Hey man! Thanks a lot for the nice feedback, it's really encouraging. Just wanted you to know I'll work on the changes you proposed, just give me some time.

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facundofc commented Mar 17, 2019

Also interested to get feedback about the tutorial itself (as being an introduction to the tool).
So please let me know what you think about it.

I think the tutorial is well intended, but is still missing some love. On occasions it sounds like a list of steps, too recipe-like. I would try to give it a more personal touch, like if you were talking to the reader (this is, of course, just a matter of personal taste).

I don't know if you considered it or not, but perhaps it would be nice to pour in some comparisons with make, for the (potentially large) group of users that already know make and are learning doit. It's always nice to have a baseline you can hold on to and then take note of the differences/similarities. Maybe this could be implemented as some "If you know make" notes spread through the document.

A bit more motivation at the beginning would be appropriate too. Not regarding why you'd like to make an imports' dependency graph, but why would you do it using doit. I think this would be very similar to the Use Cases section (to some extent), but phrased different and intended for the users that directly skip to the tutorial.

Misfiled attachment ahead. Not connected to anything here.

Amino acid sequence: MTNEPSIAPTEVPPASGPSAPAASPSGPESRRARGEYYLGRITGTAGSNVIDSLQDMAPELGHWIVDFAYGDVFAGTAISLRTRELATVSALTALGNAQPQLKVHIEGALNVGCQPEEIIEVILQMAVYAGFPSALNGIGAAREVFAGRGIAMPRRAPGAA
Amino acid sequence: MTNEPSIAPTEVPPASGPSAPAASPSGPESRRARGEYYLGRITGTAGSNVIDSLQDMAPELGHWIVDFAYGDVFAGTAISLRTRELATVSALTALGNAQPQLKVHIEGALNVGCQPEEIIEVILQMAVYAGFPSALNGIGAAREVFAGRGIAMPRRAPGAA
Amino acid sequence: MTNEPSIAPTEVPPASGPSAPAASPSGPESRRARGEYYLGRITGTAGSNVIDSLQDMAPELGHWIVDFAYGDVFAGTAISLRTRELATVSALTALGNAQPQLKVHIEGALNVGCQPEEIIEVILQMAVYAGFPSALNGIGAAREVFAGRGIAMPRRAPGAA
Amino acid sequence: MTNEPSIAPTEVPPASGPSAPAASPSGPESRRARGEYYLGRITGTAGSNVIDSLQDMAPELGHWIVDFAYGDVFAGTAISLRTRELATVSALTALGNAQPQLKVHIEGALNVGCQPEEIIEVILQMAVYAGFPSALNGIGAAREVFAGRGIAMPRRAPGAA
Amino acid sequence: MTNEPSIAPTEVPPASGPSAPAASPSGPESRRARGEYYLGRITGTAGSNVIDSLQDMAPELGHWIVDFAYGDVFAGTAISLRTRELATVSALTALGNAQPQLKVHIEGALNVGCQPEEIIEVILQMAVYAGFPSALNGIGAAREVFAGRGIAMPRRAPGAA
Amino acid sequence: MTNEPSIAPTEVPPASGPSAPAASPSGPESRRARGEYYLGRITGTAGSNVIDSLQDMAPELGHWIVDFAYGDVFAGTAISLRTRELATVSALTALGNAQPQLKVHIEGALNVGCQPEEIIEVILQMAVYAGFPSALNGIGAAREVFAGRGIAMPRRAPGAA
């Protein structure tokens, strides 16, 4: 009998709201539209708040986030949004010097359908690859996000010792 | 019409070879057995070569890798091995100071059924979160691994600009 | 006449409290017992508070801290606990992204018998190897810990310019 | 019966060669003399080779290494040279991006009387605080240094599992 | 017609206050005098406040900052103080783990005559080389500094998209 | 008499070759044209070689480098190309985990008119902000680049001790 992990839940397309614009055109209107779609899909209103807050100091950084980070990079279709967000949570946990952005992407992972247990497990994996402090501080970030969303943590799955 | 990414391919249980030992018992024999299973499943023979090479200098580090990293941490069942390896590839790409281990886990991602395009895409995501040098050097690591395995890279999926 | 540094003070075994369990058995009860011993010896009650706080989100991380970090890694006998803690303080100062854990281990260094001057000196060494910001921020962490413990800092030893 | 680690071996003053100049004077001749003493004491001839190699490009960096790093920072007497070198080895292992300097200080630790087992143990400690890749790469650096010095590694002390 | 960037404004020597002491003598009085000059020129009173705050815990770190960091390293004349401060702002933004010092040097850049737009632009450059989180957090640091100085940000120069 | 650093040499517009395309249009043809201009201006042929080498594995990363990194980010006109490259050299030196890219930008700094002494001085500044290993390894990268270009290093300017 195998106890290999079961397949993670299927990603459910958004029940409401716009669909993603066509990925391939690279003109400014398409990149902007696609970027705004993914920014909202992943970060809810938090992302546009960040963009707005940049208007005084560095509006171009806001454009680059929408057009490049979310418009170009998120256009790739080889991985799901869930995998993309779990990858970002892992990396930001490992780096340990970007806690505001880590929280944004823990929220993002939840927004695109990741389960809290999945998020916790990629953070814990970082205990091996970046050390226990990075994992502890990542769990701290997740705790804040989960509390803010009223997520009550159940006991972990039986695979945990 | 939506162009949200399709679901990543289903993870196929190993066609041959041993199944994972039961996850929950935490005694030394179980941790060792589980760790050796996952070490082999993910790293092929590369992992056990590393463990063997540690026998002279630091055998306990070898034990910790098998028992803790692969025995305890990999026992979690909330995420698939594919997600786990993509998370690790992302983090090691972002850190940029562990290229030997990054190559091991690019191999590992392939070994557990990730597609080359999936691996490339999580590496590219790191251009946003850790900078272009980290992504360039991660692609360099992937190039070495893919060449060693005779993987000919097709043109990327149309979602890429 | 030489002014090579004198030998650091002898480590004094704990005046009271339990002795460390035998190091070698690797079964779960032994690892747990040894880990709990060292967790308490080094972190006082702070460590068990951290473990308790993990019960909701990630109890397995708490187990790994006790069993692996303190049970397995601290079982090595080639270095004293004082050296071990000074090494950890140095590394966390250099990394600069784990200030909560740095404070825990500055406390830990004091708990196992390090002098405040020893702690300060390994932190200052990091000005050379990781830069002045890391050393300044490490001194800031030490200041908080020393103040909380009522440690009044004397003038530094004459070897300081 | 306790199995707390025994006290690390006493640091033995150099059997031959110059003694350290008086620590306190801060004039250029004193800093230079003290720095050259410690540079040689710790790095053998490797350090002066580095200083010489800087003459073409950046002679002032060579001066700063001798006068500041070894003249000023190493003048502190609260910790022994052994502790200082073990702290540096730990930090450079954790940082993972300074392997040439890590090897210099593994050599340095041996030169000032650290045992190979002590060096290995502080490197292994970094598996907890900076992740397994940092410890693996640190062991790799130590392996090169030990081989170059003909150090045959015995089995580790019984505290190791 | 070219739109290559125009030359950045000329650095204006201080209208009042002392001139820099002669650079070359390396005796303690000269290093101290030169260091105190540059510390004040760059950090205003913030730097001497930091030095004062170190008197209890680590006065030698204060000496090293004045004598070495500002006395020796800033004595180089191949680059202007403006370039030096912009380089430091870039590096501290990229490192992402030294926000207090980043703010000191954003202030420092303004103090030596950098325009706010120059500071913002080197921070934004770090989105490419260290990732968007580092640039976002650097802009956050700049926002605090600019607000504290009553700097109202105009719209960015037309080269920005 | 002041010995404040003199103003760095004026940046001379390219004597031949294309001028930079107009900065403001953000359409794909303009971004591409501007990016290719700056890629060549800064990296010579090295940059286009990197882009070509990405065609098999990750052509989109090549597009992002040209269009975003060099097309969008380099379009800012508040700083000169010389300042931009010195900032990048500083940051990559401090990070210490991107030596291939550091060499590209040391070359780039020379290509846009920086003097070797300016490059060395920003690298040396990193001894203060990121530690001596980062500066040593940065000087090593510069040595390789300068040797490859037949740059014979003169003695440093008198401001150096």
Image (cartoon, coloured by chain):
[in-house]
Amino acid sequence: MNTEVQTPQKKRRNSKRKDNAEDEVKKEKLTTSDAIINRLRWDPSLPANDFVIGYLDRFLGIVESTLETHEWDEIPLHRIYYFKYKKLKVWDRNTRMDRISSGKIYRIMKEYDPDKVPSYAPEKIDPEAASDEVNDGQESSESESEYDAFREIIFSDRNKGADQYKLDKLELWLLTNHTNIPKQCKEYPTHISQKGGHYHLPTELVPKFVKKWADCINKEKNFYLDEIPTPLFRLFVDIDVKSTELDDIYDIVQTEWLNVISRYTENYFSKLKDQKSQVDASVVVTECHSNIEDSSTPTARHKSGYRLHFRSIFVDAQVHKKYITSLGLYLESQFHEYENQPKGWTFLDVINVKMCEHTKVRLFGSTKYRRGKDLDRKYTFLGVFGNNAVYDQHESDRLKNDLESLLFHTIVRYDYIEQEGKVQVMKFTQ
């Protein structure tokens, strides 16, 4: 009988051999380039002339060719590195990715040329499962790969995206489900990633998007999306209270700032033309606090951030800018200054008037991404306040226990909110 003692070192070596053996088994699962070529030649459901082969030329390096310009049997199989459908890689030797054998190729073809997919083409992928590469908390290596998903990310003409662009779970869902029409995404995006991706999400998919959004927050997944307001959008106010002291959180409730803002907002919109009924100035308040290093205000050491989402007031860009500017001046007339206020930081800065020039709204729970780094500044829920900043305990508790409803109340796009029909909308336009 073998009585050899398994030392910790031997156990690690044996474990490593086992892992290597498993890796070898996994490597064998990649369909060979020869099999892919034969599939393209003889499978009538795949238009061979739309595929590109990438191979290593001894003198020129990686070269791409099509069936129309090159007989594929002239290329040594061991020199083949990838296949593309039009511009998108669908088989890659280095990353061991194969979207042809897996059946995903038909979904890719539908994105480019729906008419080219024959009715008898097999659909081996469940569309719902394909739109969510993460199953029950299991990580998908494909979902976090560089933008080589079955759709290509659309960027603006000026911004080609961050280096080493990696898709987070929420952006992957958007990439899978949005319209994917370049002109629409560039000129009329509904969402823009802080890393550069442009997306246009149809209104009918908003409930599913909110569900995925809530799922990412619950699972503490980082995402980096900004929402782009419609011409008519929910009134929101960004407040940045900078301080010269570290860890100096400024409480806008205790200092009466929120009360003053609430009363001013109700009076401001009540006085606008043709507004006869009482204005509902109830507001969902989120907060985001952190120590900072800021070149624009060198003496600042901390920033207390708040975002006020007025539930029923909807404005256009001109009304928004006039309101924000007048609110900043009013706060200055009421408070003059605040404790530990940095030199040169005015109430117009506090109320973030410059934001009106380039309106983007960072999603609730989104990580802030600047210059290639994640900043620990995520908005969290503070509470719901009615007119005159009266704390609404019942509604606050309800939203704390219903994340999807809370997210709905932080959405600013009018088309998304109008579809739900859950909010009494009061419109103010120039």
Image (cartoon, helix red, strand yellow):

That's all I can think of at the moment. If you agree on some of these, I volunteer to start making those changes. Just let me know.

Cheers.

@schettino72 schettino72 merged commit 5002b15 into pydoit:master Mar 18, 2019

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schettino72 commented Mar 18, 2019

On occasions it sounds like a list of steps, too recipe-like.

Agree, my writing style is very boring 😬
Would be nice to improve it to something more engaging.
Sometime I try but always think it sounds too cheesy and then I go back to my boring style. hehehehe

I don't know if you considered it or not, but perhaps it would be nice to pour in some comparisons with make,

I have considered this. The problem is that it adds noise to people who do not know make.
And most people who "knows" make actually never wrote a Makefile, they just know they have to execute make when compiling some code. I got thousands of people who ask me why they would need doit if python does not need compilation... And for people who actually understand make IMO would be easy for then to draw some comparisons. For those, maybe what would help is to point where doit is actually different from make.

So in general I am bit sceptic that this would be an improvement to write much in comparison to make. I think 2 or 3 notes regarding its differences might be ok.

I think this would be very similar to the Use Cases section (to some extent), but phrased different and intended for the users that directly skip to the tutorial.

I try to not repeat much content, specially introduction, I am afraid to bore people who actually read the stuff... I mean I get annoyed when some docs keeps claiming the same thing but doesnt go into the HOW.

Actually when I wrote the tutorial I pretty much plan it based on the list of use-cases.
Maybe we could be more explicit about how each step correlates to a use-case.

That's all I can think of at the moment. If you agree on some of these, I volunteer to start making those changes. Just let me know.

Thanks so much. In general I agree with the changes but see a few concerns above.
I guess I am receptive to changes but hard to say 100% before it is done.

Note that the tutorial is kind of new compared to the main documentation, the use-case section was not written by me. Of course improvements in any area are welcome...

cheers